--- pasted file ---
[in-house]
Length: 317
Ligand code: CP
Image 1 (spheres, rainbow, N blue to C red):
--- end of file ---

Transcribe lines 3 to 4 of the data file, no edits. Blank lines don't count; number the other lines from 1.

Ligand code: CP
Image 1 (spheres, rainbow, N blue to C red):